Sorry, I didn’t want to scare anyone, I just wanted to tell my story and explain how I got my fear of flying (and may be get some answers about what happened during that flight).

    After 4 years of not flying, we decided to have a nice well deserved vacation in Hawaii, so we will have to fly… That’s why I googled “is flying safe” to read some more about it and hopefully feel better because I knew there would be lots of articles and charts proving that flying is SAFE…

    • Olga S says

      From a topic “Turbulence” on this website:” Severe – Flight Attendants will be instructed to put their seatbelts on. To put this in perspective, I’ve experienced this once in thousands of flights!” THAT IS EXACTLY WHAT I EXPERIENCED and now I am afraid of flying :( The Exits light up also I believe.. If this didn’t happen I would still enjoy flying.. :(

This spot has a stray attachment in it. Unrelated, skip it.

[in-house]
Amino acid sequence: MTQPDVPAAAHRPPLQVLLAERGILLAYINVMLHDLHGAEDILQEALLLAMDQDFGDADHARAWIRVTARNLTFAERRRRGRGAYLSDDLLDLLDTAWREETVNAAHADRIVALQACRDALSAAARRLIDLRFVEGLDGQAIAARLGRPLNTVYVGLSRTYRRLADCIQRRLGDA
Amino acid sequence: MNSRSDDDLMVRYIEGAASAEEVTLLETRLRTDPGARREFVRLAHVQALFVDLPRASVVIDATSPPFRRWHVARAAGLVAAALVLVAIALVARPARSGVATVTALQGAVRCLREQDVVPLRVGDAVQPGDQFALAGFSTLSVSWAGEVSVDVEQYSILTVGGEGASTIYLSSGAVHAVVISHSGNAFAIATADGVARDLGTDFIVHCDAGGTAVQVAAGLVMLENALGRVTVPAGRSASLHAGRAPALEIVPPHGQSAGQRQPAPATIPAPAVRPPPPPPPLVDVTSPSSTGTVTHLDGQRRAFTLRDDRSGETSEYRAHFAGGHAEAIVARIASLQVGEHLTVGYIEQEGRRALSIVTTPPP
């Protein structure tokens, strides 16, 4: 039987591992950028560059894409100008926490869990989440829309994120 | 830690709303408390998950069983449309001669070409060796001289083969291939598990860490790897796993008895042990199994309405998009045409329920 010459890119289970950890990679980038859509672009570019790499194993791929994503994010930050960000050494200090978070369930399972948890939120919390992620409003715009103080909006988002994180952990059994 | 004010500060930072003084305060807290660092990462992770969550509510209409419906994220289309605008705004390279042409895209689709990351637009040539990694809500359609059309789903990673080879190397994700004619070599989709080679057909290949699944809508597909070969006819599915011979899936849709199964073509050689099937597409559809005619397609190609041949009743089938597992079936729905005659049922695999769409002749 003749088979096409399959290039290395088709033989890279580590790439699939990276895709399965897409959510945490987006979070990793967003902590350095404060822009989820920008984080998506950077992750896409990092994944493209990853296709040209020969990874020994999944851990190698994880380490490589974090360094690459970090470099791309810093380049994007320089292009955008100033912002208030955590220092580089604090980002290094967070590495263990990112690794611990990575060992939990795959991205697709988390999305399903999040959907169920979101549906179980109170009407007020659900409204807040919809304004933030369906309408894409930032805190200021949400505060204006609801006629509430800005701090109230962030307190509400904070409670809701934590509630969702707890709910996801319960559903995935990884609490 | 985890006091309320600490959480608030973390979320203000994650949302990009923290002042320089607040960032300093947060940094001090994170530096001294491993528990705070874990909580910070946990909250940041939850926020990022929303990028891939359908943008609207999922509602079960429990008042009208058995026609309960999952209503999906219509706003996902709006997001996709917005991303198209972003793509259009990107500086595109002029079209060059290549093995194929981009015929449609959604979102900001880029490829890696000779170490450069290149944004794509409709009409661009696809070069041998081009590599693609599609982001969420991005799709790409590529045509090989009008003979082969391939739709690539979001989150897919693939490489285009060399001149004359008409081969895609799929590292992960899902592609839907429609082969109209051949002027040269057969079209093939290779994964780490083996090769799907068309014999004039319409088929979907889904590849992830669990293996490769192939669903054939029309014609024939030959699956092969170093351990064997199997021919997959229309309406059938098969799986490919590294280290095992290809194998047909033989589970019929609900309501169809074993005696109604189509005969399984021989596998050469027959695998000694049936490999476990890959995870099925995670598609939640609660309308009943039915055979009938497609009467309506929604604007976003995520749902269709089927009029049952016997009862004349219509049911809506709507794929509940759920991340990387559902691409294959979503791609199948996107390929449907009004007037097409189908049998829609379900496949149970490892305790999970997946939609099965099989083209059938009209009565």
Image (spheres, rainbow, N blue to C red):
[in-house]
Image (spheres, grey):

• oliver o'keeffe says

        Hi Olga, just to let you know i have a fear of flying to. Most the time i take long flight to Asia from london flying over the Bay of Bengal and i have experienced several times turbulence that was Severe enough that the flight attendants had to put there seat belts on, its not a nice feeling because you feel like “if they are worried then my god i must have to be worried to”. Although in reality its just for there safety (bumping their heads that sort of thing). Also having scanned this website a bit and i am surprised how little other people have experienced such bad turbulence when for me its almost a yearly occurrence ( bad luck for me, by the way im fine and the only thing the turbulence did to me was scare me but all the flights landed and everyone was fine).